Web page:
Dave Winer, 56, is a visiting scholar at NYU's Arthur L. Carter Journalism Institute and editor of the Scripting News weblog. He pioneered the development of weblogs, syndication (RSS), podcasting, outlining, and web content management software; former contributing editor at Wired Magazine, research fellow at Harvard Law School, entrepreneur, and investor in web media companies. A native New Yorker, he received a Master's in Computer Science from the University of Wisconsin, a Bachelor's in Mathematics from Tulane University and currently lives in New York City.
"The protoblogger." - NY Times.
"The father of modern-day content distribution." - PC World.
"Dave was in a hurry. He had big ideas." -- Harvard.
"Dave Winer is one of the most important figures in the evolution of online media." -- Nieman Journalism Lab.
10 inventors of Internet technologies you may not have heard of. -- Royal Pingdom.
One of BusinessWeek's 25 Most Influential People on the Web.
"Helped popularize blogging, podcasting and RSS." - Time.
"The father of blogging and RSS." - BBC.
"RSS was born in 1997 out of the confluence of Dave Winer's 'Really Simple Syndication' technology, used to push out blog updates, and Netscape's 'Rich Site Summary', which allowed users to create custom Netscape home pages with regularly updated data flows." - Tim O'Reilly.
8/2/11: Who I Am.
My 40 most-recent links, ranked by number of clicks.
FYI: You're soaking in it. :-)
A few weeks ago I posted a note here about how it was taking over 24 hours for Amazon to launch an EC2 instance. Then for a while it seemed to get better. Now it's sucking again.
I had developed a bit of voodoo. Instead of launching one instance, I'd launch two. Usually one of the two would be ready to go within an hour. But today I've launched eight instances, starting first thing this morning, and none of them have gotten to the point where they would return a Windows password. This coming from an AMI that I was able to launch yesterday just fine.
I write these notes because I don't know what else to do. I'm sitting here at zero productivity, waiting and waiting. I love EC2. But this is ridiculous. It's like the parrot in the Monty Python sketch. Beatiful plumage. Pushing up daisies.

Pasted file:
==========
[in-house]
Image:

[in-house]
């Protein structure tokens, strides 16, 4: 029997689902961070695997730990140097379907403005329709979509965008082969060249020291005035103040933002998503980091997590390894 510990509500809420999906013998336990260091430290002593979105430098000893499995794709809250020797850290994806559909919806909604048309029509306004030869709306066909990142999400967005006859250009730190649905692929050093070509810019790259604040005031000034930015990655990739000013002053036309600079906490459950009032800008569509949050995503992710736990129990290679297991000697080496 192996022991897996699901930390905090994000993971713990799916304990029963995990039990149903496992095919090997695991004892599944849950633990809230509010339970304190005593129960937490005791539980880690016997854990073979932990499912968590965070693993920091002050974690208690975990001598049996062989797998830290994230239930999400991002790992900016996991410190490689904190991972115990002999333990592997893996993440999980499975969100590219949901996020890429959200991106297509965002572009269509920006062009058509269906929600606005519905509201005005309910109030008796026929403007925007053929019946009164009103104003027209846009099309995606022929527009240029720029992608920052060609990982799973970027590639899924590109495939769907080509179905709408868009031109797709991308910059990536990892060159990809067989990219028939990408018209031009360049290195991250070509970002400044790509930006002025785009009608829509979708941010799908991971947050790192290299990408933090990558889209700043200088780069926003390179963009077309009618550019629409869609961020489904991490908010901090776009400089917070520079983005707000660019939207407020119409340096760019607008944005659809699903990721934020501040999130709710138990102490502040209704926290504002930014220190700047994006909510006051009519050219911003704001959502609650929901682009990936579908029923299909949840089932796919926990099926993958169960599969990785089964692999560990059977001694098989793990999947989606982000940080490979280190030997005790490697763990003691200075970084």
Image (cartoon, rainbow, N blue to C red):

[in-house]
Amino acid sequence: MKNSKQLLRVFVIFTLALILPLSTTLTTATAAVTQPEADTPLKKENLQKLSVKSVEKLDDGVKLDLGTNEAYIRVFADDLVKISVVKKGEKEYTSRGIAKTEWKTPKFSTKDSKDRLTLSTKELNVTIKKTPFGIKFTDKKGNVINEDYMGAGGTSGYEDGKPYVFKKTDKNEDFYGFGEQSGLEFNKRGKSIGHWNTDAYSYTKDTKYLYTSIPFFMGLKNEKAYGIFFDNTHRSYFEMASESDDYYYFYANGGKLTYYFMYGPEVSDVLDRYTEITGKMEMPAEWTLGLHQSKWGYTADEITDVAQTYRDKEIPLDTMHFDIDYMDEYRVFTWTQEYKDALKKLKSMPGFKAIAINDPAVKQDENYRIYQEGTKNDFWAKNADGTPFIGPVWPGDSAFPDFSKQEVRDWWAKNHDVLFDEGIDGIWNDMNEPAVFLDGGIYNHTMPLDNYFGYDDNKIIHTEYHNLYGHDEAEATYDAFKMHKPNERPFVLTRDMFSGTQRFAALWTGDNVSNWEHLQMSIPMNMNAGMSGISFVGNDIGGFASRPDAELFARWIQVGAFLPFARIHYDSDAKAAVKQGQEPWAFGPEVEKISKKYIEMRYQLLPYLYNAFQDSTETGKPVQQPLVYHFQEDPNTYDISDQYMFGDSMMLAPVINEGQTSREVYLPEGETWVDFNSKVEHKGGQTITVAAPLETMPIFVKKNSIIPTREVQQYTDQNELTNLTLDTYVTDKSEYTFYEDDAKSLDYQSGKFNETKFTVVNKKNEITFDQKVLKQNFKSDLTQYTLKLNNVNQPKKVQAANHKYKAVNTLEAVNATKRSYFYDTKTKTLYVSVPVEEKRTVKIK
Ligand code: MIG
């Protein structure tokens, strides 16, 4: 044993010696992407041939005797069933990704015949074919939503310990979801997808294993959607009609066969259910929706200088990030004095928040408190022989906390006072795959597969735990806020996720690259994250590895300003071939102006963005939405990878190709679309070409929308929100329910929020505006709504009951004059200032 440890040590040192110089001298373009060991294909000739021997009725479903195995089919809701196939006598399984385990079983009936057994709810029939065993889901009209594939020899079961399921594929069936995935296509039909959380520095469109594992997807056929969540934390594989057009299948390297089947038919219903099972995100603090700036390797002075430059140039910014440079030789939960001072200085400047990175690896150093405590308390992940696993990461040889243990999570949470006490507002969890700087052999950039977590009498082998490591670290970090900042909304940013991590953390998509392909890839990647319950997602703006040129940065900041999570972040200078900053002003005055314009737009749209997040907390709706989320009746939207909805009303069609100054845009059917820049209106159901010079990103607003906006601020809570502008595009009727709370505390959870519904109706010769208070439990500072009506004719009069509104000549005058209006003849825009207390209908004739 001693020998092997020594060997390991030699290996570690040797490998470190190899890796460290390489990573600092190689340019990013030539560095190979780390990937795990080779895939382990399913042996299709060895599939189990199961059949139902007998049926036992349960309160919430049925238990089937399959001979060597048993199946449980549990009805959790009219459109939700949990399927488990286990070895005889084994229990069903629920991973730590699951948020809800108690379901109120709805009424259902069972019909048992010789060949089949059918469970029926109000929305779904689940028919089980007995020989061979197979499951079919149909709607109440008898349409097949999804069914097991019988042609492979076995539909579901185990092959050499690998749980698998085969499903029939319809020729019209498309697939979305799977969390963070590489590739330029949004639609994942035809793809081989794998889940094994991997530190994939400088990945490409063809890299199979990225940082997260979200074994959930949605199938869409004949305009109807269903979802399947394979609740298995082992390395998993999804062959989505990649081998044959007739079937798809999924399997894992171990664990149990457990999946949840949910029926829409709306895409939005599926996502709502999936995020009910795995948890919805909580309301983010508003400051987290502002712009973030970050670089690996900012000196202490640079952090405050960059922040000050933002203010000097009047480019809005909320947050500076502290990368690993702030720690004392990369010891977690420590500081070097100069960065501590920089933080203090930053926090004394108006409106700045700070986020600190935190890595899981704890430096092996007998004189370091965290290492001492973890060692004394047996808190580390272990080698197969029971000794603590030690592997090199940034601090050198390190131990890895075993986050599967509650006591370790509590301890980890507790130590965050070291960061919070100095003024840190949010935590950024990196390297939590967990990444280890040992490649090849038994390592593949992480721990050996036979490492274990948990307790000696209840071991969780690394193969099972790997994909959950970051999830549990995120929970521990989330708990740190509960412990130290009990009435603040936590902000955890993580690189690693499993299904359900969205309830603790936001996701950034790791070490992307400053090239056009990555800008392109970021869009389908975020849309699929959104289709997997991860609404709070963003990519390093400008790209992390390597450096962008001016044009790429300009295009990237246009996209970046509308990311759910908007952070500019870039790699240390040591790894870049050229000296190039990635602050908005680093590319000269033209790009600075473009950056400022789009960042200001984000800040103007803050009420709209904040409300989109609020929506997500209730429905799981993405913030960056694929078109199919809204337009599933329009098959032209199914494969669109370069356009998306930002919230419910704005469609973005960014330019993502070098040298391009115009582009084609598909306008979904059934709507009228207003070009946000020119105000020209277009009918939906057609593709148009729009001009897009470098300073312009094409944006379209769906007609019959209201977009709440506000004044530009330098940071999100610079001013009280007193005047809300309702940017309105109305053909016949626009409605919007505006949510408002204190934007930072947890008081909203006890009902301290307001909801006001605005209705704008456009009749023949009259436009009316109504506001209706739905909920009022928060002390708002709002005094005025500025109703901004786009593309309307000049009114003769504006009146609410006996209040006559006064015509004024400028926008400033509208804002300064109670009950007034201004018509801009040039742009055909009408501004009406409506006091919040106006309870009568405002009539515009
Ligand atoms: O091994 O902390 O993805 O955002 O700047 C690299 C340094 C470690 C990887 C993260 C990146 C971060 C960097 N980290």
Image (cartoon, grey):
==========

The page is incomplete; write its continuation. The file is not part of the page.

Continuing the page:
Update: The next pair of instances I launched came up right away, as I suspected they might.
First let me say it could well be, probably is, something I did wrong that led to my Twitter/OAuth code to stop working overnight.
I first noticed it a few minutes ago when I posted something to my feed that didn't go through. I checked the database to see what went wrong. It said, "Incorrect signature."
So the first question -- is anyone aware of anything that changed in the Twitter API last night?
Second question -- I'm new to using Twitter's OAuth interface. Is it realiable or flaky or somewhere inbetween?
I don't think it could be a terms-of-service thing because my app is doing exactly the same thing as TwitterFeed, and as far as I know they're still legal. I was using TwitterFeed until a couple of weeks ago, but needed an interface with less latency.
Academic hackathons are the rage, and there's one coming up this weekend at NYU.
Unfortunately, imho of course, the commercial APIs are over-represented and open formats and protocols are not represented at all. RSS will never offer you a job or fund your startup, but -- it might keep the Internet free so we'll still be interested in entrepreneurship for the Class of 2020 and beyond. You always have to keep putting back. And as the Twitter developers will tell you, the waters that surround big battleships and aircraft carriers can be very turbulent. As they say, when an 800-pound gorilla sneezes, you're the one with boogers all over you.
That's why I like platforms without platform vendors. There's no one to change the rules, decide that you've been copying them when they've been copying you. To deprecate the APIs that you've invested your life savings in.
Okay anyway, enough motivation.
The 11 free ideas are:
1. Share Your OPML.
2. Beautiful River.
3. UI for FeedHose.
4. Centralized subscription manager.
5. Hack status.net so we can template it.
6. What if Readability and Instapaper didn't have to scrape?
7. REST interface for DNS.
8. Open source Dropbox clone.
9. Drop-dead simple static hosting.
10. University news.
11. Make Apache an end-user product.
All are explained in more depth in two bits I wrote last fall.
Now, if you're interested in doing one of these projects at this weekend's hackathon at NYU, post a comment here. I live a few blocks away so I can help you, and I will, with any of these projects.
The cool thing about them, is that they all make the Internet better and more useful and more open, and they are open-ended. They aren't done when the weekend is over. Because -- they're useful.